One morning, in the midst of rehearsals for the movie version of “Fences,” three of the cast members, Mykelti Williamson, Russell Hornsby and Stephen McKinley Henderson, roused a fourth, Jovan Adepo. “We’re going to breakfast,” they told him. “Tag along.”
In actuality, they were bringing the young Adepo, a British-born actor and graduate of Bowie State University in Prince George’s County, Maryland, on a far more meaningful mission. Together, they took a short ride to Greenwood Cemetery on the outskirts of Pittsburgh, where they located the grave of the man who brought them to this crucial intersection of their artistic lives: August Wilson, who wrote both the play and screenplay of the Pulitzer Prize-winning work.
“We whispered to him how much we needed his help and his guidance,” said Williamson, who plays the role of Gabriel, a brain-damaged World War II veteran in the film, directed by one of its stars, Denzel Washington. “It was one of the most important days in this journey.”
And especially significant for Adepo, who, unlike the other three, was entirely new to this piece, Wilson’s best-known drama for the stage – and astonishingly, only the first of his works ever to receive big-screen Hollywood treatment. “It was an incredible experience to have that moment of fellowship,” Adepo said. “It made me feel more part of the family.”
In more ways than one, a family is indeed what Washington and movie producer Scott Rudin had created for the film incarnation of “Fences,” which opens Christmas Day. For this breakthrough event in the illustrious production history of the work of Wilson – who died 11 years ago, at age 60 – a team was not so much hired as reassembled, to tell the tragedy-laced story of proud, disappointed Troy Maxson, his long-suffering wife and their embittered sons, living in a working-class Pittsburgh neighborhood of the 1950s.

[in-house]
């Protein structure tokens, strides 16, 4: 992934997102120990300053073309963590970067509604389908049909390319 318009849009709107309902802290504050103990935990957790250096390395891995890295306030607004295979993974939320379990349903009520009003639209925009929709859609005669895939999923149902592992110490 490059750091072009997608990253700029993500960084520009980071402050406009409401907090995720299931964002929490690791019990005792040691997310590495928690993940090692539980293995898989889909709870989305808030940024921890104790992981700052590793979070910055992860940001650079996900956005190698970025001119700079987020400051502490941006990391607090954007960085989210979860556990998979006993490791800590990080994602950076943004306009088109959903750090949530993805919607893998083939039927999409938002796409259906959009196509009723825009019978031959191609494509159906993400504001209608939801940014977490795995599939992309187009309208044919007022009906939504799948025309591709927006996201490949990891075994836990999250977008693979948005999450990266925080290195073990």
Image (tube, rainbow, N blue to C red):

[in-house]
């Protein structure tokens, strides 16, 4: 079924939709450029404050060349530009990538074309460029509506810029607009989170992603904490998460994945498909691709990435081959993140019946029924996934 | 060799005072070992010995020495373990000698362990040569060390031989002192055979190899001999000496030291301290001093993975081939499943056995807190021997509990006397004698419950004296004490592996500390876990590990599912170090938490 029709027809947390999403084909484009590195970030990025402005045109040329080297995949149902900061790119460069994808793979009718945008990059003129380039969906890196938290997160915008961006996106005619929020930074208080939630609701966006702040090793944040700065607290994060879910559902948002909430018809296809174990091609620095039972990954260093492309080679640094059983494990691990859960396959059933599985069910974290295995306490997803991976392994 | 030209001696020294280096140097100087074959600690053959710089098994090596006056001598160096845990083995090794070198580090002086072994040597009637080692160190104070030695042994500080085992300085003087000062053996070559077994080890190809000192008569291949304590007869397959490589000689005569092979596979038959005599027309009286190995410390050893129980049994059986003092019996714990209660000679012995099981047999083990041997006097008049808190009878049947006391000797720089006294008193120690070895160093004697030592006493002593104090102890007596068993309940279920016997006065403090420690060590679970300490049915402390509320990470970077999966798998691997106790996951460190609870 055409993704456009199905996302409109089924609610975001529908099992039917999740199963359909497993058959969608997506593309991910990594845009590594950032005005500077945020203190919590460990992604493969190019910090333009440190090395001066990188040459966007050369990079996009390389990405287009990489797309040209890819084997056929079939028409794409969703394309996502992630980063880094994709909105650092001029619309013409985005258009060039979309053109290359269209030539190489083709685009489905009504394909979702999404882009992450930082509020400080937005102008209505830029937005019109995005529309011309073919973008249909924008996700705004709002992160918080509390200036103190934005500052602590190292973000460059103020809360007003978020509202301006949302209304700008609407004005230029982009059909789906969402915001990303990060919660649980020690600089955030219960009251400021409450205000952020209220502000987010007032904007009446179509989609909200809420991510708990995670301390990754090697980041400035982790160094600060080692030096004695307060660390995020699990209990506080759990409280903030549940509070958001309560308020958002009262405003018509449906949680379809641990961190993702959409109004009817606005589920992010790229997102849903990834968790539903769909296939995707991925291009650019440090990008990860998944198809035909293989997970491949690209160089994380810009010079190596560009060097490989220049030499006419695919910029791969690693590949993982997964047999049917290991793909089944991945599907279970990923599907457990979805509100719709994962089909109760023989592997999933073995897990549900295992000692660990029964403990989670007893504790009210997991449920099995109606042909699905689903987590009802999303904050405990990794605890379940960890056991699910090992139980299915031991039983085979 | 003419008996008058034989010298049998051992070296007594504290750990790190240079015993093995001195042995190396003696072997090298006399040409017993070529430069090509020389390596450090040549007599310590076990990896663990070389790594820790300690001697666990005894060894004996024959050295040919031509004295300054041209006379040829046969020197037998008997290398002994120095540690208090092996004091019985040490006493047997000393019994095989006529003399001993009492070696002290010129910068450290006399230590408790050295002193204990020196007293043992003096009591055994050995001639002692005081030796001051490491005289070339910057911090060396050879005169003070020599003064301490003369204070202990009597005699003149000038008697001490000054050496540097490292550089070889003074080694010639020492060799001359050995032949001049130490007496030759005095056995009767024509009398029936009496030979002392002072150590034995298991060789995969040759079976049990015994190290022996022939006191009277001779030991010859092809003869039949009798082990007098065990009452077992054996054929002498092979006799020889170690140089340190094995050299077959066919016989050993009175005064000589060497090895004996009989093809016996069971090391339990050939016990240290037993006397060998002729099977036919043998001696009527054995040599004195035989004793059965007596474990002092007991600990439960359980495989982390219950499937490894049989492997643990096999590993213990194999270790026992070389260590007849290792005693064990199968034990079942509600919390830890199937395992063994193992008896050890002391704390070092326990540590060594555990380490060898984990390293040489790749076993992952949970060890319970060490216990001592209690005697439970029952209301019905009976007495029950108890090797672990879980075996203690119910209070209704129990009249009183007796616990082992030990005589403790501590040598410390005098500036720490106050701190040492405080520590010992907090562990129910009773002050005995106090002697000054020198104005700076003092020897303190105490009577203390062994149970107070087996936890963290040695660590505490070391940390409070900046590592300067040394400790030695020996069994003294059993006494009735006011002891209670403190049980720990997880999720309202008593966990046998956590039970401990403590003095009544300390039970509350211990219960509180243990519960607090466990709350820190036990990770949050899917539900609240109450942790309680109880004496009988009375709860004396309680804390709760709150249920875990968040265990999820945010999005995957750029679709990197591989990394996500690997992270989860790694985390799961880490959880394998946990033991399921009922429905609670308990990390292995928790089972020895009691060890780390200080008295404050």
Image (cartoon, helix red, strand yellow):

The leading players, including Washington and Viola Davis as Troy and his wife, Rose, have been transplanted from a Broadway mounting in 2010 that won Tony Awards for both stars, as well as one for best revival of a play, under the direction of Kenny Leon. Only Adepo, as younger son Corey, and Saniyya Sidney, as little Raynell, freshly join the cast.
In this regard, “Fences” is something of a throwback to the days when film producers signed up Broadway actors to reprise their roles for the movie adaptations of major plays: Think of Anne Bancroft and Patty Duke in “The Miracle Worker” or Marlon Brando, Karl Malden and Kim Hunter in “A Streetcar Named Desire.” (Vivian Leigh in the latter case replaced Broadway’s Blanche DuBois, Jessica Tandy).